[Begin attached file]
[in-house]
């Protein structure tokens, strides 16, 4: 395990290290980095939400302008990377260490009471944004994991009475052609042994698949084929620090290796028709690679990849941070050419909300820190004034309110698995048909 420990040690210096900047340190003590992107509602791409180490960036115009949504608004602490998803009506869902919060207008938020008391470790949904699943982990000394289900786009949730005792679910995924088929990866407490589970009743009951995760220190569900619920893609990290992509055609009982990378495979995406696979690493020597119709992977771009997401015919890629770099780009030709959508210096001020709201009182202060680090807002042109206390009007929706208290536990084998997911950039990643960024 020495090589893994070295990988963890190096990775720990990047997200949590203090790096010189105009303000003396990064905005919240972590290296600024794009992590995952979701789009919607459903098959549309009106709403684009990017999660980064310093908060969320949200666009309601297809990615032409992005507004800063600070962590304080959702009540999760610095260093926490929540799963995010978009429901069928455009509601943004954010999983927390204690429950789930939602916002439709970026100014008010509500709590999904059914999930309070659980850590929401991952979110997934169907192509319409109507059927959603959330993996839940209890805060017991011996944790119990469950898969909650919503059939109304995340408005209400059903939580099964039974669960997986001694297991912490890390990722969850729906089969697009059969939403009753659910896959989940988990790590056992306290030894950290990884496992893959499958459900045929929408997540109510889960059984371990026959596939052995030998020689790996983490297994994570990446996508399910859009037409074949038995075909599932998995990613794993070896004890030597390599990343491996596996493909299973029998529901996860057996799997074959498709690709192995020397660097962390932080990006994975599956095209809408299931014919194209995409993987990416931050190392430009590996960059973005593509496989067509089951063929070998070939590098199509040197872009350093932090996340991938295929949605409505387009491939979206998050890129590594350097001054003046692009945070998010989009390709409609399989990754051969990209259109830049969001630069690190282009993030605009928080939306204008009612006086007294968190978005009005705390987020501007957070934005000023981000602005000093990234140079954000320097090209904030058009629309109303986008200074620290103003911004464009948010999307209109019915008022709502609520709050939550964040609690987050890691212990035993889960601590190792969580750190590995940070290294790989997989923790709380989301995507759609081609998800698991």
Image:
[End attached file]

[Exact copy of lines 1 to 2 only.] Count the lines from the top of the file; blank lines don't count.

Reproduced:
[in-house]
């Protein structure tokens, strides 16, 4: 395990290290980095939400302008990377260490009471944004994991009475052609042994698949084929620090290796028709690679990849941070050419909300820190004034309110698995048909 420990040690210096900047340190003590992107509602791409180490960036115009949504608004602490998803009506869902919060207008938020008391470790949904699943982990000394289900786009949730005792679910995924088929990866407490589970009743009951995760220190569900619920893609990290992509055609009982990378495979995406696979690493020597119709992977771009997401015919890629770099780009030709959508210096001020709201009182202060680090807002042109206390009007929706208290536990084998997911950039990643960024 020495090589893994070295990988963890190096990775720990990047997200949590203090790096010189105009303000003396990064905005919240972590290296600024794009992590995952979701789009919607459903098959549309009106709403684009990017999660980064310093908060969320949200666009309601297809990615032409992005507004800063600070962590304080959702009540999760610095260093926490929540799963995010978009429901069928455009509601943004954010999983927390204690429950789930939602916002439709970026100014008010509500709590999904059914999930309070659980850590929401991952979110997934169907192509319409109507059927959603959330993996839940209890805060017991011996944790119990469950898969909650919503059939109304995340408005209400059903939580099964039974669960997986001694297991912490890390990722969850729906089969697009059969939403009753659910896959989940988990790590056992306290030894950290990884496992893959499958459900045929929408997540109510889960059984371990026959596939052995030998020689790996983490297994994570990446996508399910859009037409074949038995075909599932998995990613794993070896004890030597390599990343491996596996493909299973029998529901996860057996799997074959498709690709192995020397660097962390932080990006994975599956095209809408299931014919194209995409993987990416931050190392430009590996960059973005593509496989067509089951063929070998070939590098199509040197872009350093932090996340991938295929949605409505387009491939979206998050890129590594350097001054003046692009945070998010989009390709409609399989990754051969990209259109830049969001630069690190282009993030605009928080939306204008009612006086007294968190978005009005705390987020501007957070934005000023981000602005000093990234140079954000320097090209904030058009629309109303986008200074620290103003911004464009948010999307209109019915008022709502609520709050939550964040609690987050890691212990035993889960601590190792969580750190590995940070290294790989997989923790709380989301995507759609081609998800698991």